Maintenance Cap:  The calculated maintenance payment, when added to the gross income of the payee, may not result in the payee receiving an amount that is in excess of 40% of the combined gross income of the parites.

 

  1. Figure out who should be paying maintenance to whom (the payor is the "obligor" and the recipient is the "obligee").

  2. Subtract 20% of the obligee's gross income from 30% of the obligor's gross income (not sure what "gross income." means?  The maintenance law says to look to the child support law's definition (750 ILCS 5/505) of "gross income." The child support law doesn't define "gross income; it defines "net income."  There are, however, lots of cases that define gross income.  Go read the "All Income From All  Sources" section in my article on Establishing Child Support.)

  3. Apply the 40% cap:  the sum of the maintenance award and the recipient's gross income may not exceed 40% of the combined gross income of the parties -- just back off the maintenance award to get within the 40% cap.

  4. Divide by 12 -- this is the amount of maintenance to be paid each month.

  5. Calculate the duration of the payments by multiplying the length of the marriage by whichever of the following factors applies:

     

    0-5 years. . .  (.20)

    5-10 years . . . (.40) (note:  if your divorce case is filed before your tenth wedding anniversary, the judge has the power to make the maintenance award either reviewable or "permanently terminable;" that is, to absolutely end on a specified date with no possibility of an extension -- see below)

    10-15 years . . . (.60)  (note:  if your divorce was filed after your tenth wedding anniversary, any award by the judge must be "reviewable" -- the court doesn't have the legal authority to make the maintenance award permanently terminate -- see below).  

    15-20 years . . . (.80)

    20 + years . . .  the court, in its discretion, shall order either permanent maintenance or maintenance for a period equal to the length of the marriage.

     

  6. If you don't like the result, go back and look at the factors and see if you can argue for a deviation (more money, less money, longer or shorter duration -- whatever -- using the factors you may be able to justify a deviation.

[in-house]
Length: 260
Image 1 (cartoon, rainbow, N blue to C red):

Deviation From Maintenance Formula:  The formula is not writen in stone.  The law allows the court flexibility to accommodate difficult fact patterns.  The law says the court MUST use the formula "unless the court makes a finding that the application of the guidelines would be inappropriate."  750 ILCS 5/504(b-1)(1). The law went into effect 1 January 2015 so examples in the appellate record are scarce.  Earlier case, however, can offer guideance.   For example, where the wife suffered from multiple-sclerosis and wasn’t financially self-sufficient, maintenance was extended for four years and the issue was thereafter reserved.  In re: Marriage of Stam, 260 Ill.App.3d 754, 198 Ill.Dec. 467, 632 N.E.2d 1078 (3d Dist., 1994).  

 

Reviewable Maintenance, "Permanent Termination," and the 10-Year Rule:   The parties always have the option to agree to make the maintenance award terminate or be reviewable at a particular time.  The parties can agree to anything they want so long as it's not "unconscionable."  If the parties don't agree, however, the judge's options are somewhat limited.  Illinois law (750 ILCS 5/504(b-4.5) says:

 

(b-4.5) Fixed-term maintenance in marriages of less than 10 years.  If a court grants maintenance for a fixed period under subsection (a) of this Section at the conclusion of a case commenced before the tenth anniversary of the marriage, the court may also designate the termination of the period during which this maintenance is to be paid as a "permanent termination."  The effect of this designation is that maintenance is barred after the ending date of the period during which maintenance is to be paid.

 

So, for marriages of less then ten years the judge, essentially, may make a maintenance award "non-reviewable," or non-extendable.  That's not an option in longer marriages.  In longer marriages, the judge may award maintenance for a specific period and set a termination (or review) date, but the recipient may always seek an extension.  In ten-year-or-less marriages, the court has the option of barring the extension.

 

If You Don't Fall Into That Category:  If you and your spouse make more than $250,000 a year OR if either of you have court-ordered obligations (paying or receiving) for a prior family, you don't use the formula -- you just go straight to the factors just like in the old days and you work with a lawyer to figure out what the maintenance award should be in your case . . . just like in the old days.